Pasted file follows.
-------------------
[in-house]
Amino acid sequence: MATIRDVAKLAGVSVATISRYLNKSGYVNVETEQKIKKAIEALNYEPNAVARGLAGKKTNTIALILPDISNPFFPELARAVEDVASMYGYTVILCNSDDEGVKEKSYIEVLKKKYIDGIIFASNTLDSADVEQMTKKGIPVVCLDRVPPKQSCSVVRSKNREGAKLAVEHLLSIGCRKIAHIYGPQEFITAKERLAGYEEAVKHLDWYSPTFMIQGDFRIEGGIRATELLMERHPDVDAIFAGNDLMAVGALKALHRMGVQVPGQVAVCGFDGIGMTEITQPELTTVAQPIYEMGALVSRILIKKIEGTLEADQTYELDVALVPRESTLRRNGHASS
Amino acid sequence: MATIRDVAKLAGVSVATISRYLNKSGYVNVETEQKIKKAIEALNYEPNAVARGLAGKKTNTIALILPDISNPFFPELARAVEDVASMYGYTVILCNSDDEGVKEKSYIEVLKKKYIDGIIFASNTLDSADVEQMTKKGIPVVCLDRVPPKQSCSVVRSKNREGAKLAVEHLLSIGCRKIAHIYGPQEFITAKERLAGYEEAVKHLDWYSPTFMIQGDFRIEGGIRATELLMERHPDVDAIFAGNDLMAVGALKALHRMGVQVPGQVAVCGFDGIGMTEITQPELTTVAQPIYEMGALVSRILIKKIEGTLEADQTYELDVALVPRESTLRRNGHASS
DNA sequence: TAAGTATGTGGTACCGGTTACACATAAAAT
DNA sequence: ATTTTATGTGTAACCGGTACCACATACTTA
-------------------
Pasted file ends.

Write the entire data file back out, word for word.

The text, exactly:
[in-house]
Amino acid sequence: MATIRDVAKLAGVSVATISRYLNKSGYVNVETEQKIKKAIEALNYEPNAVARGLAGKKTNTIALILPDISNPFFPELARAVEDVASMYGYTVILCNSDDEGVKEKSYIEVLKKKYIDGIIFASNTLDSADVEQMTKKGIPVVCLDRVPPKQSCSVVRSKNREGAKLAVEHLLSIGCRKIAHIYGPQEFITAKERLAGYEEAVKHLDWYSPTFMIQGDFRIEGGIRATELLMERHPDVDAIFAGNDLMAVGALKALHRMGVQVPGQVAVCGFDGIGMTEITQPELTTVAQPIYEMGALVSRILIKKIEGTLEADQTYELDVALVPRESTLRRNGHASS
Amino acid sequence: MATIRDVAKLAGVSVATISRYLNKSGYVNVETEQKIKKAIEALNYEPNAVARGLAGKKTNTIALILPDISNPFFPELARAVEDVASMYGYTVILCNSDDEGVKEKSYIEVLKKKYIDGIIFASNTLDSADVEQMTKKGIPVVCLDRVPPKQSCSVVRSKNREGAKLAVEHLLSIGCRKIAHIYGPQEFITAKERLAGYEEAVKHLDWYSPTFMIQGDFRIEGGIRATELLMERHPDVDAIFAGNDLMAVGALKALHRMGVQVPGQVAVCGFDGIGMTEITQPELTTVAQPIYEMGALVSRILIKKIEGTLEADQTYELDVALVPRESTLRRNGHASS
DNA sequence: TAAGTATGTGGTACCGGTTACACATAAAAT
DNA sequence: ATTTTATGTGTAACCGGTACCACATACTTA